Once again, Wenger will likely turn to youth. Håvard Nordtveit, on loan this season at FC Nurnberg, was considered one of the top young defenders in Europe when he was signed.  He turns 20 years old in June and he might just be the fourth defender that Arsenal needs. 

The other option and one that is mooted quite often on message boards and in the papers, is signing a top—quality center—back. Brede Hangeland is a name that seems to be brought up constantly, but whether Fulham is willing to sell is yet to be seen.  Looking at his track record, however, it would not be a surprise if Wenger signs Gallas to a two-year deal and then looks to promote from within.


Arsenal almost have an embarrassment of riches in the midfield.  Alexandre Song has been a revelation as the anchorman, Abou Diaby is starting to show some brilliant form, and Cesc Fabregas continues to make his case as one of the best young midfielders in the world.  With other options available ranging from Tomas Rosicky to Samir Nasri to Denilson and even the injured Aaron Ramsey, Arsenal is well-equipped in the midfield.

The only possible position that is under-strength is at holding midfield.  Arsenal has missed Song when he has been injured, suspended, or away on international duty.  Diaby has done a fair job in Song’s absence, but he is really more of a box-to-box player.  Yet again, looking at how Wenger operates, he is unlikely to buy.  Craig Eastmond has put in a couple of good—if unspectacular—performances in the first-team, and he might just be seen as Song’s backup next season.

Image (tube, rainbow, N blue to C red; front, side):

Operating under the assumption that Marouane Chamakh will sign on a free transfer for Arsenal this summer, one finds it difficult to find an extreme weakness in Arsenal’s attack. 

Robin van Persie, Chamakh, and Nicklas Bendtner provide plenty of depth at the central striker position, perhaps even enough to make it through the worst of injury crises.

On the wings, Andrey Arshavin, Nasri, Rosicky, Theo Walcott, Carlos Vela, Emmanuel Eboue, Eduardo and even Bendtner provide plenty of depth. Eduardo and Vela have had a difficult time this season and Eduardo might very well move on this summer. 

However, even removing those two from the squad, there are six quality first—teamers on the books and that’s before even taking note of Jack Wilshere.


Looking ahead to the summer, Wenger will not see any glaring needs in his squad. He has shown time and time again that he prefers to keep his players, particularly the young ones, and let them develop instead of splashing big cash. 

That being said, it is rare for Wenger to not make a single signing. Most likely, he will sign one or two teenagers for the future and one signing as an upgrade somewhere on the pitch. Perhaps this might be a center—back like Hangeland. It might be another top—quality winger or an experienced upgrade at goalkeeper. 

Then again, maybe he’ll see Chamakh as his one first—team signing and look for his squad to improve over the summer on its own. Nonetheless, the speculation will continue, with big names thrown about and not a thought for how Wenger actually operates.